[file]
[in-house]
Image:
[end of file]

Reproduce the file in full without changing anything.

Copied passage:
[in-house]
Image: